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Conversion complete

conversionSince the new, integrated Merchant Grain software went online, the process of buying and selling grain has been much smoother, says Tosha Alexander, center, bookkeeper at MFA Agri Services in Sweet Springs, Mo., and Manager Dan Tate, right, agrees. Tyler Verslues, left, MFA field accountant, helped oversee the Merchant Grain implementation at this store as well as the last few locations that were converted to the updated platform in July.A major milestone for MFA came in late July with the conversion of the last of the company’s grain operations to the new Merchant Grain software system.

It was the final achievement in a large-scale endeavor that began in late 2012 to replace MFA’s outdated mainframe computer with modern software that would integrate all of the company’s business processes. An implementation team of MFA employees worked with EFC Systems, a software development company based in Brentwood, Tenn., to customize the platforms to fit MFA’s hybrid structure of company-owned stores, local affiliates and whole­sale operations. The process included converting wholesale operations to EFC’s Vanguard system and retail operations to a program called Merchant Ag.

After Merchant Ag deployment was completed in February 2019, work shifted to de­veloping the complementary Merchant Grain program to handle the intricacies of MFA’s grain marketing operations. The software was completed in 2020 and rolled out in stages to ensure adequate technical support. The final locations were converted to Merchant Grain on July 29, wrapping up a process nearly a decade in the making.

“The way we handle grain made developing that part of the software much more difficult,” said Lori Kahler, MFA retail accounting manager, who supervised the Merchant Grain Con­version Team. “MFA centralizes grain hedging but records profitability at the location level. We needed a system that could accommodate all the complexities of our system.”

Collaborating with EFC and MFA’s Information Technology Department, Craig Poppinga, MFA manager of accounting services, and Brenda Imhoff, manager of Agri Services computer information systems, led the Merchant Grain development team along with MFA field accountants, who helped to test the new platform and train employees to use it. Their hands-on involvement ensured that the software offered all the functionality, flexibility and features that MFA required for its grain operations.

“Creating a company-wide, one-database system gives the Grain De­partment the ability to see and hedge grain quantities immediately rather than waiting on a phone call from the locations requesting the home office to place hedges,” Poppinga said. “They can now key in contracts for the loca­tions, reducing calls and duplication of efforts.”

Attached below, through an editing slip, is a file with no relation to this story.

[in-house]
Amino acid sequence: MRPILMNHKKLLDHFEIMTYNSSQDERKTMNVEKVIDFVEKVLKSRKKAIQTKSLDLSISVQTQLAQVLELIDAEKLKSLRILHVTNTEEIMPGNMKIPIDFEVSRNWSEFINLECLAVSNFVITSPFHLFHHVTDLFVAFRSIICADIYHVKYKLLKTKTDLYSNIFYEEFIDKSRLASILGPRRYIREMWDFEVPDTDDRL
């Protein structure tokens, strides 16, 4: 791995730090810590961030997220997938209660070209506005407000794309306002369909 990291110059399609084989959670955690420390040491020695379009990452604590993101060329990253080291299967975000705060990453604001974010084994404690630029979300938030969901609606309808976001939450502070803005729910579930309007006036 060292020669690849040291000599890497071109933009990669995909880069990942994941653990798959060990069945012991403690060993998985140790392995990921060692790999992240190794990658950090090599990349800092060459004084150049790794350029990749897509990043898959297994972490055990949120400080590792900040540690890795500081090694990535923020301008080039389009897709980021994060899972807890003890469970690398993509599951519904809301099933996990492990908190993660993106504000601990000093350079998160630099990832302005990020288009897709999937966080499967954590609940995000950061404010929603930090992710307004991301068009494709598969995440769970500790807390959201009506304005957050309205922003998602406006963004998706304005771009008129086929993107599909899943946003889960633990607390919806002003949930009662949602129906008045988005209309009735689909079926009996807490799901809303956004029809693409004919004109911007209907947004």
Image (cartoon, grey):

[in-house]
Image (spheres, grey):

On the operational side, Merchant Grain has streamlined other processes for marketing, reporting and account­ing, such as making settlements, recording grades, moving customers’ grain obligations and tracking daily position reports.

For customers, the benefits include improved access to their grain accounts and detailed reports to assist in finan­cial planning. Patrons have the option of emailed delivery of tickets and contracts, and Merchant Grain records are readily available through the online customer portal.

“The biggest benefit to customers is the real-time aspect of this system,” said Tyler Verslues, MFA field accoun­tant who helped oversee some of the first and last locations converted to Merchant Grain. “Customers can drive off the scale and see their grain tickets and contract balances online. They don’t have to keep track of it them­selves or wait until the store gets all the tickets loaded into the computer.”

With 15 years of experience in handling grain transactions, Tosha Alexander, bookkeeper at MFA Agri Services in Sweet Springs, Mo., was tapped to help test Merchant Grain as it was being developed. While admitting that the new system takes some acclimation for those who are used to the “old” way, Alexander said the benefits to both the company and its custom­ers are worth the time it takes to get past the learning curve.

“The versatility of this program is endless,” she said. “I’m super excited about the potential it brings to the farmer. It reaches out like a vine with branches into every little part of their account. We can see what they’ve bought and sold and run detailed reports. And custom­ers can access all their grain infor­mation through the online portal, which is something they couldn’t do before.”